A ransomware group claims to have “compromised all Sony systems”
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A ransomware group claims to have “compromised all Sony systems”

A recently surfaced ransomware group by the name of RansomedVC has declared that it has effectively breached the computer systems of the prominent entertainment conglomerate, Sony. In keeping with the common practices of ransomware organizations, this declaration was made on their clandestine dark web platform, where they peddle data that they have illicitly obtained from the computer networks of their targets.

The announcement says Sony’s data is for sale:

Sony Group Corporation, formerly known as Tokyo Telecommunications Engineering Corporation, and Sony Corporation, stands as a Japanese multinational conglomerate corporation with its headquarters located in Minato, Tokyo, Japan.

It has come to our attention that we have gained unauthorized access to all of Sony’s computer systems. We have opted not to pursue a ransom demand but rather to offer the data for sale, as Sony has chosen not to meet our demands for payment. The data is currently available for purchase.

Sony has not issued an official statement regarding this incident. It is crucial to acknowledge that the information available is solely from the perspective of a criminal group. The assertions regarding Sony’s compromise should be approached with caution, as they may ultimately be inaccurate or potentially exaggerated. A comprehensive and verified assessment of the situation is necessary to establish the full scope of any potential security breach.

Ransomware: Compromised all of Sony Systems

If RansomedVC’s claims are to be taken at face value, it appears that Sony has chosen not to yield to the group’s ransom demands, which is a commendable stance. In some instances, businesses may find themselves compelled to acquiesce to extortionist demands, and we recognize that such decisions can be complex and driven by unique circumstances. Nonetheless, it is indeed laudable when organizations decide not to succumb to such pressures.

In the event of a confirmed breach at Sony, it is natural for customers to have concerns about safeguarding their data. Given the limited information available at this time, it’s premature to provide specific guidance. We recommend referring to our guide on what to do if you are impacted by a data breach for more comprehensive information.

Should Sony verify the breach, it will indeed become part of a relatively long list of games and entertainment companies that have experienced data theft or ransom incidents. These industries are often targeted due to the substantial value and visibility of their intellectual property, making them prime targets for cyberattacks.

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Indeed, the gaming and entertainment industry has seen its fair share of cyberattacks in recent years. Notable victims have included Capcom and Ubisoft in 2020, and CD PROJEKT RED, the creators of Cyberpunk 2077 and Witcher 3, in 2021. Electronic Arts also had the source code for FIFA 21 stolen in the same year. In 2022, Bandai Namco fell victim to a ransomware attack, and Rockstar Games experienced a significant breach at the hands of the short-lived Lapsus gang.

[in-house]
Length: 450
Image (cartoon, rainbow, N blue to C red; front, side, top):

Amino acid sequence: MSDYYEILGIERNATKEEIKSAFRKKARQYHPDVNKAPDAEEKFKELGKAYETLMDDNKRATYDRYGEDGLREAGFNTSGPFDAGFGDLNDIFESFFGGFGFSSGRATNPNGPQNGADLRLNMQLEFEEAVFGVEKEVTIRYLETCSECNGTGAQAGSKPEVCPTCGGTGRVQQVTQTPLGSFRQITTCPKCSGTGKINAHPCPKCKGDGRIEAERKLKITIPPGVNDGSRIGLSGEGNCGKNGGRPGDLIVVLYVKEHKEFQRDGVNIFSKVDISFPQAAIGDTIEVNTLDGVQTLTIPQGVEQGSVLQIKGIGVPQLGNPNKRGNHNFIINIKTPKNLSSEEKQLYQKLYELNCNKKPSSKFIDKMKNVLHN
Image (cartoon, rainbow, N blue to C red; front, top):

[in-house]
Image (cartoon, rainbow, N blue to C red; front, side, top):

RansomedVC, a relatively new ransomware group, first came to attention when Malwarebytes tracked its activities in August 2023 after it disclosed the details of nine victims on its dark web platform. What sets this group apart, albeit slightly, from the standard practices of ransomware groups is its threat to report victims for General Data Protection Regulation (GDPR) violations. However, it is important to recognize that its claims of being a “digital tax for peace” are likely just a guise for financial gain, as this pattern has been observed many times in the past within the cybercriminal landscape.

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How to avoid ransomware

  • Block common forms of entry: Use endpoint security software that can detect exploits and malware used to deliver ransomware in order to patch vulnerabilities in internet-facing systems quickly; disable or harden remote access like RDP and VPNs.
  • Detect intrusions. Your organization can be more secure by segmenting its networks and assigning access rights in a prudent manner. To detect attacks before they occur, use EDR or MDR.
  • Stop malicious encryption. Malwarebytes EDR is an endpoint detection and response software that uses multiple detection techniques to identify ransomware, and ransomware rollbacks to restore system files.
  • Create offsite, offline backups. Make sure backups are offsite and offline, so they are not reachable by attackers. Keep them up-to-date to ensure you can quickly restore essential business functions.
  • Don’t get attacked twice. To avoid being attacked again, you must remove every trace of the attackers, their malware, their tools, and their methods of entry once you’ve isolated the outbreak.

Using Malwarebytes EDR and MDR will prevent you from becoming infected again. Want to learn more about how we can help protect your business? Get a free trial below.

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